This is what youth must figure out:
Girls, love, and living.
The having, the not having,
The spending and giving,
And the melancholy time of not knowing.
This is what age must learn about:E.B. White
The ABC of dying.
The going, yet not going,
The loving and leaving,
And the unbearable knowing and knowing.
I remember what it was like to be 18.
That is very different from remembering “being 18,” which, for most people, is one part nostalgia – a luxury afforded by time – and two parts cringe.
Generation gaps don’t come from some mysterious force that shapes each new cohort of 18-year-olds into a species completely alien to those old enough to be their parents. They expand as a result of the amnesia that somehow engulfs us somewhere between 18 and the threshold of actual adulthood. Somewhere after the point where we have embraced E.B. White’s “unbearable knowing and knowing” and started to come to terms with inevitability, with mortality, with years that fly by and bills that pile up, we forget — or pretend to forget — what it is like to be 18.
Somehow, this amnesiac force of nature missed me. It was another train I didn’t bother to run for, another obligation I thought pointless, another off-ramp that I ignored while distracted by the sun setting on the horizon.
I remember what it was like to be 18. If I did not, I don’t think I would be able to write, let alone help young writers figure out how to write.
I can write that now because I know that I couldn’t when I was 18, despite the essays that piled up in notebooks; the love letters sent, received, and cherished; and the reams of objectively bad poetry: the pining and meandering of a young heart that ached to live a life that might be remembered.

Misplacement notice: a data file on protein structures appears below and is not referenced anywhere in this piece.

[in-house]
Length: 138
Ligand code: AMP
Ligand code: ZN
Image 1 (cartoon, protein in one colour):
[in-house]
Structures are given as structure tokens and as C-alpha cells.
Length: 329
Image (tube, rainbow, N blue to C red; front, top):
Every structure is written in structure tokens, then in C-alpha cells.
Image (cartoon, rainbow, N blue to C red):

This is not, as I said, nostalgia. I try to minimize whatever illusions I have about myself — in whatever vintage — to the ones that are necessary for survival. I am far kinder to my students’ writing than I am to mine. Although none of them want to be writers, the Common Application Personal Statement and college supplemental essays force them to become writers, at least for as long as it takes to get through the application cycle. Some of them resent it. Some of them hate reading; hate writing, but still spend hours reading and writing on Discord. As soon as they’re confronted with a blank page offering no immediate validation, however, they go blank… then reopen Discord, seeking the safety of camaraderie, familiarity, and warmth that other people’s words provide.
I remember how stuck I felt every time I was confronted with a 3-hole piece of ruled paper; how well the strict lines lent themselves to caricatures, to band names, to everything but what is most vital to a writer: words that form sentences, sentences that articulate ideas, or pining, or meanderings. I can feel amnesia graze me whenever my students say that they have no ideas, but then I remember what it was like to be 18: the melancholy time of not knowing that ceded to other certainties.
That, too, has become part of my adult life; my unbearable knowing and knowing. Any regrets have disappeared with the ignored off-ramps in the rearview mirror: a far more gentle amnesia that has afforded me the ability to write what I couldn’t at 18 because my experiences at that point had yet to crystallize into knowing.
People say that youth is wasted on the young, but behind that pithy cynical cliché, they are mourning the lives they didn’t live. I never had that problem. I remember what it was like to be 18 because I lived the life I wanted, rather than the one my teachers seemed to think I should live. Even if I didn’t know it at the time, I lived that life just like I live this one: on my own terms, watching new stars rising on the horizon, remembering, knowing and knowing.